Genomic information is not only for treating patients with an already established disease, it can also be used to improve wellness for already healthy individuals. By using our genetic profile, we may be able to make better decisions regarding diet, exercise, and habits in order to increase or own personal overall health. According to Dr. Metzger, “the value add for healthy people to have genetic testing isn’t really there but it is kind of a provocative area. it is something that is lurking in the background.”
There are a variety of different direct-to-consumer companies that can provide both health and ancestry information to customers. 23andMe, for example, is the first and the only genetic service company directly available to consumers whose reports meet FDA standards. The company is a privately-owned genomics and biotechnology company that provides health and ancestry information to customers. 23andMe currently has more than 1 million genotyped customers and gathers genetic information using saliva tests. The company then provider’s customers with an online report of their lab findings within weeks.
What is some of the information 23andMe’s genotyping can provide you? 23andMe can tell you details such as if you are a carrier for genetic diseases, like Cystic Fibrosis, what your muscle composition and genetic weight are, and your genetic health risk for diseases such as Parkinson’s disease and Alzheimer’s disease. There is no genetic counseling involved and therefore it is just left up to the consumer to interpret and use the information as they please. Interested? Find out more how it works here.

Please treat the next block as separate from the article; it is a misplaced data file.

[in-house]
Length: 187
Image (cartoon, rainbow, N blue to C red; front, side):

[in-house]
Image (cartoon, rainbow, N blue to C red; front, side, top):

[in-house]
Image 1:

Physicians, however, tend to not use direct-to-consumer data, and would prefer to order their own genetic tests to make sure the lab is compliant with their patient’s specifications. Direct-to-consumer approach is more just for fun. According to Dr. Metzger, “if you really want to know about your health and your predisposition it’s not the route to go.”
However, these companies have allowed individuals to develop a better understanding on the power of genetics.
“I think these [direct-to-consumer companies] have really opened up the eyes to the public in terms of what genetics can tell you, what it can’t tell you," said Caer Vitek, an education operations manager for the Mayo Clinic Center for Individualized Medicine. "I think we still have a long way to go, though."
Cassie Weis is a student at the University of Minnesota Rochester. After graduating, she plans to pursue a career as a naturopathic doctor.
Cover photo courtesy Mayo Clinic